He looked at me and smiled thinly “Bob, you know as well as I do that everyone has satellites taking pictures to less than one metre resolution, but”, he paused, “the Station master – he will arrest you”. So no pics of this momentous event.
We were actually staying in Urgench not far from the historic city of Bokhara, but architecturally representing the more modern Soviet world than that of the ancient redoubt we had come to see. It was only a hundred odd years before that people could have their throats cut in the street for wearing buttons, as it showed you as an outsider. Historically, foreigners had never fared well in Bukhara, generally being incarcerated, flogged, thrown into snake pits – you get the idea. Bokhara was a law unto itself under the Emir, and an especially big cheese in the time of the Great Game, when the Russian and British Empires tussled over influence in Central Asia. We were to fare rather better, but the stay brought its own problems.
The stunning tilework on the exterior of many important buildings in the old city was utterly captivating, not least when we learned that many of the original techniques had been forgotten, but recreated the best that could be done. Certainly the restoration of many of the Islamic monuments of the region had been undertaken with dedication, though doubtless more for the tourist value than adherence to the faith, which had been remorselessly suppressed in the Soviet era.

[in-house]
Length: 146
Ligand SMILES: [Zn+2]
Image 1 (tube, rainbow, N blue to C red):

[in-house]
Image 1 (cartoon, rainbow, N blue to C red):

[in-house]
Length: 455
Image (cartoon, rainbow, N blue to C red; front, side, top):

The interiors of many of these striking buildings were cool, shaded by high canopied tea houses (chaikhanas), and the huge ancient mulberry trees were kept intact, lending a tranquil, almost louche atmosphere where the wanton and violent persecutions were contemplated.
Our own woes were rather more prosaic than the fate of previous visitors, and could directly be ascribed to the hotel in Urgench. I almost never got ill at all in my travelling life but something virulent in the food had me on my knees for most of our night there. Another couple suffered even more and I was obliged to arrange with Intourist for them to be hospitalised until they were fit to continue. This throws a tremendous strain on a travelling group, and we left Urgench on our flight back to Domodyedovo in Moscow with heavy hearts. Our sentiments were barely leavened by being housed this time in the iconic Hotel Moskva, right on Red Square and across from St Basils church and the Kremlin. As in all the hotels we stayed in, there were elderly women housekeepers – babushkas- on each floor, stern as granite, and in charge of all keys and order on their territory.